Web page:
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Publication numberUS8128162 B2
Publication typeGrant
Application numberUS 12/730,646
Publication dateMar 6, 2012
Filing dateMar 24, 2010
Priority dateApr 8, 2009
Also published asCN201816482U, DE102010002601A1, US20100259074
Publication number12730646, 730646, US 8128162 B2, US 8128162B2, US-B2-8128162, US8128162 B2, US8128162B2
InventorsTorsten Gerhardt, Andrew John Murray, Will Farrelly, John K. Harding
Original AssigneeFord Global Technologies, Llc
Export CitationBiBTeX, EndNote, RefMan
External Links: USPTO, USPTO Assignment, Espacenet
Armrest assembly for a seat
US 8128162 B2
Abstract
An armrest assembly for a vehicle seat 5 comprises an armrest portion 11 a, 11 b, 11 c, a shingle head restraint portion 12 moveably attached to one end of the armrest portion 11 a, 11 b, 11 c, to permit the shingle head restraint 12 to be moved towards and away from the one end of the armrest portion 11 a, 11 b, 11 c, and a height adjuster to selectively secure the head restraint 12 in one of a number of predetermined displaced positions relative to the armrest portion 11 a, the armrest portion being moveable from a folded up position 11 a to a folded down position 11 c. The head restraint portion 12 is pivotably mounted for rotation about a substantially horizontal axis 14 and includes a head restraint rotation latching mechanism comprising a latching member biased into engagement with part of the head restraint 12 to hold the head restraint 12 in a preferred rotational position, and a means to automatically disengage the latching member only when the head restraint 12 is brought into close proximity to the armrest portion 11 a to permit rotation of the head restraint portion 12 about the horizontal axis.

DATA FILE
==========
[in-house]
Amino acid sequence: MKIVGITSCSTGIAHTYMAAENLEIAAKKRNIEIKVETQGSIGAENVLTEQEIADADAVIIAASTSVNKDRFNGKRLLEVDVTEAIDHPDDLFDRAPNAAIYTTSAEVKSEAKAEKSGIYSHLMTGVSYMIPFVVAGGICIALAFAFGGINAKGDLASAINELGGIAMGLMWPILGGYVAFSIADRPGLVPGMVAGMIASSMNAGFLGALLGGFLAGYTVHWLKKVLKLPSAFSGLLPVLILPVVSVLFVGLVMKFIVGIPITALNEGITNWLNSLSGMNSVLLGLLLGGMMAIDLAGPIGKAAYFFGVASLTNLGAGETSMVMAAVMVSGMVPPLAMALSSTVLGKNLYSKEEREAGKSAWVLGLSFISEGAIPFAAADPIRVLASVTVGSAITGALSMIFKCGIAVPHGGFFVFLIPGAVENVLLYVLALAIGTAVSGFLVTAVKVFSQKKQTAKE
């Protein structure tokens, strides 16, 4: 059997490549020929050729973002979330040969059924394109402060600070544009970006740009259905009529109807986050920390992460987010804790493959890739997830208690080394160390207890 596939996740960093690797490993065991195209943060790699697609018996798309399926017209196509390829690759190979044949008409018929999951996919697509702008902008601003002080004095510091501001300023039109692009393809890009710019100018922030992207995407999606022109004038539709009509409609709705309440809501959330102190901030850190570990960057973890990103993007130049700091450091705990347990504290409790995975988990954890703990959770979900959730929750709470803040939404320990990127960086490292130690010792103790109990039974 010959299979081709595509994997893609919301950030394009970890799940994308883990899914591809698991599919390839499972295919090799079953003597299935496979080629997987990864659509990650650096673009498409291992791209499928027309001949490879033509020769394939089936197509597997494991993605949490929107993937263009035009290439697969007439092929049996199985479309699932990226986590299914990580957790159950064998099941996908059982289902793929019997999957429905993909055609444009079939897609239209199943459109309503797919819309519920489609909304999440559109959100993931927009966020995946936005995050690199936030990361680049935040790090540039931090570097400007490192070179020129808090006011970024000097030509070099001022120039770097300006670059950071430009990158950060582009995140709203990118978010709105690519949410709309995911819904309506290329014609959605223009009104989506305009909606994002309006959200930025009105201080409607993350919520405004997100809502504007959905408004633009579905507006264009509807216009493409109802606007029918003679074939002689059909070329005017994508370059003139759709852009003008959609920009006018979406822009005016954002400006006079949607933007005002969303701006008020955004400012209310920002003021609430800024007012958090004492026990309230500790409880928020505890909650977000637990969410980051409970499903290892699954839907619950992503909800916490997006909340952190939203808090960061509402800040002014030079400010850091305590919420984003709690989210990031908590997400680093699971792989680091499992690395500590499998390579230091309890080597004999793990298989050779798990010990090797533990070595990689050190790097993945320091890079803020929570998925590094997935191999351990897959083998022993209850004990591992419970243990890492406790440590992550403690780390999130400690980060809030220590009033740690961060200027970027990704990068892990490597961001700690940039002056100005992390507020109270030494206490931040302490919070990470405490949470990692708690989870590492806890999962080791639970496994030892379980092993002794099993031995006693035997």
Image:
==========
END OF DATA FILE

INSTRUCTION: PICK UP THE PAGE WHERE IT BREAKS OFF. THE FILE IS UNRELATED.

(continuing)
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Claims(18)
We claim:
1. An armrest assembly for a seat comprising an armrest portion, a shingle head restraint portion moveably attached to one end of the armrest portion so as to permit the shingle head restraint to be moved towards and away from the one end of the armrest portion, and a height adjuster to selectively secure the head restraint in one of a number of predetermined displaced positions relative to the armrest portion, the armrest portion being moveable from a folded up position to a folded down position, wherein the head restraint portion is pivotably mounted for rotation about a substantially horizontal axis and includes a head restraint rotation latching mechanism comprising a latching member biased into engagement with part of the head restraint so as to hold the head restraint in a preferred rotational position, and a means to automatically disengage the latching member only when the head restraint is brought into close proximity to the armrest portion to permit rotation of the head restraint portion about the substantially horizontal axis.